Analysis of Orbital Systems

  • Krafft A. Ehricke


The paper presents an analysis of orbital systems, consisting of the orbital establishment, its supply vehicles and their technique of operation. Satellite orbits are classified as permanent (stationary for more than 10 years) and as temporary. The lower altitude limit for permanent satellite orbits appears to be 450 to 500 miles. These orbits are occupied by observational satellites. An altitude range between 500 and 700 miles is found to be relatively most desirable for observational satellites. Three types of temporary orbits are defined, namely auxiliary orbits (120 to 150 miles altitude; duration of occupation a few hours at the most; purpose is payload transfer), orbits of departure of astronautical expeditions, particularly into the translunar space (350 to 400 miles altitude; duration of occupation about one year or less; purpose is assembly of inter-orbital vehicles), and orbits of arrival of astronautical expeditions (30,000 to 40,000 miles altitude for Venus or Mars expeditions; duration of occupation for a few days by returning expedition until being picked up by orbital vehicle from the earth). It is shown that the optimum satellite orbit of departure is as close to the earth as feasible and that the optimum orbit of return as well as the optimum satellite orbit at the target planet vary with the target planet. Therefore, with the exception of the orbit of arrival, all satellite orbits preferably lie below 700 miles altitude, that is, within the physical atmosphere of the earth.

Orbital supply systems are discussed, distinguishing between passenger-carrying and load-carrying orbital vehicles. The latter type is fully automatic. A large supply vehicle will be needed for periods of establishing orbital installations. For their maintenance a small version is anticipated. Desirable features and configurations for observational satellites and for orbital vehicles are discussed.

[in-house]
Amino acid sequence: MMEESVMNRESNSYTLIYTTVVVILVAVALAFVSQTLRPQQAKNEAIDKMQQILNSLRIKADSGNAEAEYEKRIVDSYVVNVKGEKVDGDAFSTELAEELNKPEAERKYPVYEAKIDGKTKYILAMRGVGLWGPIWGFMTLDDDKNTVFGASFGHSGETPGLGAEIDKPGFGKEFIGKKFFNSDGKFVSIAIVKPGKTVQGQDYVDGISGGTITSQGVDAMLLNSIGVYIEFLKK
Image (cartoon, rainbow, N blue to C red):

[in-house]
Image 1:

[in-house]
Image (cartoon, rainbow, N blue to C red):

lift coefficient




apparent centrifugal force


orbital inclination with respect to the ecliptic


precession constant


distance from the sun


distance from the earth


distance of optimum satellite orbit of departure with respect to a given interplanetary transfer ellipse


lifting area


period of regression of the orbital nodes due to polar-precession


period of regression with respect to the half of the globe being exposed to the sun


sidereal period of revolution in an orbit




vehicle weight




angle of attack


or γ parameter of the terrestrial gravity field (6.254 · 104 n · mi3/sec2 = 3.98 · 105 km3/sec2)


parameter of the solar gravity field (2.067 · 1010 n mi3/sec2 = = 1.36 · 1011km3/sec3)


orbital inclination with respect to the equator


displacement thickness of the boundary layer


trajectory angle


mean free molecular path


air density


ϱ y /ϱ 00


angular velocity of satellite in orbit


rate of regression


angular velocity Subscripts


apogee or aphelion




perigee or perihelion




referring to altitude y


surface value


Unable to display preview. Download preview PDF.

Unable to display preview. Download preview PDF.


  1. 1.
    Krafft A. Ehricke, The Foundations of Interplanetary Flight, Part 1 (in German). Research Series of the Nordwest-Deutsche Gesellschaft für Weltraumforschung e. V., No. 1 (1950).Google Scholar
  2. 2.
    A. V. Cleaver, A Programme for Achieving Interplanetary Flight. J. Brit. Interplan. Soc. 13, 1 (1954).Google Scholar
  3. 3.
    Krafft A. Ehricke, A Method of Using Small Orbital Carriers for the Establishment of Large Satellites. Amer. Rocket Soc, Paper 69/52.Google Scholar
  4. 4.
    Krafft A. Ehricke, A New Supply System for Satellite Orbits. Part 1. Jet Propulsion 24, 302 (1954); Part 2. Jet Propulsion 24, 369 (1954).CrossRefGoogle Scholar
  5. 5.